Mayor Faces Hundreds of Angry Residents
I have to say that I was very skeptical about the closing of the Third District Police Station. Mostly, because we spent 12 years (which cooresponds to the number of years of the White Administration) in court suing the City over police conduct toward homeless people. We never got to see the inside of a court room settling all of these suits out of court, and there is no doubt that the police were responding to directives from the City of Cleveland. But we now have a Commander that we can talk to, and police that were trained to deal with fragile populations. We have two officers who act as liaisons to the homeless providers and have tried to relate to the homeless populations. So, I along with others were weary.
But, I listened to the Mayor for over three hours and I have to say I am convinced. This plan will be good for the whole City, and this is all based on factual information. I do not think that this will be good for homeless population, but for the whole City it is the only plan that would work. I stayed to ask a question about the transition plan, but the Mayor is leaving all those details to the Chief and to the Safety Director. The big fear is that they will just cast the current officers of the Third District to the wind and so all the relationships that were developed in certain neighbhorhoods will be lost. The Mayor was not budging on setting direction for placing officers in very specific neighborhoods that they are familiar. So, we will all have to wait and see.
The Mayor has amazing endurance to answer questions including, "Are you a dictatator or Why don't all your command staff including the Safety Director live in Cleveland?" He was very honest, and straight forward answering every question. He faced a very hostile audience who almost all were tied to the Third District building and the people inside that building. There was so much fear in the room that things would get worse. They were worried their businesses would suffer, property crimes would rise, and the fragile security that most people have will be lost with this plan. The most amazing aspect of the meeting were the relatively small number of African Americans who attended the meeting. Only one African American individual asked a question. I think that the Mayor did a good job of settling some of those concerns and promised to return in a year to look at the progress.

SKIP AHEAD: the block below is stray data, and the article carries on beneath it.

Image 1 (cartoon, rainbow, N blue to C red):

The police are way ticked off by the proposal. The FOP and Patrolman's Association are not happy at all. They want the issue to go to the voters. The Mayor did a good job in explaining that he was not going to debate this forever, and the buck stops with him. He said repeatedly that the "Proof is in the Pudding," and that if this does not work people would vote him out of office. The Third District officers do not want to be stuffed in a building on Chester Ave with no parking in a building that they believe are falling down. They implied that in the seventh most dangerous city in the United States that this will only exasserbate those issues. They worry that if a Code 1 call comes in and every car in the district that is available has to respond how will a zone car downtown get all the way across the river to Lorain Ave. in the new expanded Second District? The Mayor said that they are now going to be able to do reports from their cars so they will not be so tied to a certain building. They are also getting rid of the jails at the various districts and moving to central booking at the justice center. This would now become a County function.
The Councilmembers are not happy, and the Mayor made a very good point that he could just say the politically popular statement and then leave and do whatever he wanted. He knew that this is not popular for this neighborhood, but it is best for the City. He was clear that since he lives in the Third District it does have an impact on his life as well. The Mayor said that there were nine months for study and input, but now is the time to move forward. He said that the Chief read all the letters and took those into account and in fact responded to those concerns.
NEOCH is going to have weigh in on the transition plan to make sure that the current issues with homeless people are not lost. There is no doubt that we will be losing one of the Commanders and so it is unlikely that Third District Commander will be interacting with the shelters and homeless people in the future. The Downtown zone will now be part of the Second District, and they already have a Commander who is relatively new. This is a loss, but hopefully he will get an assignment to bring similar improvement to another section of the City. We will have to establish a relationship with a new Lieutenant who will be assigned to a new Downtown Safety Unit of 18 officers who will be assigned to the Central Business District.
Posts by Northeast Ohio Coalition for the Homeless staff and Board.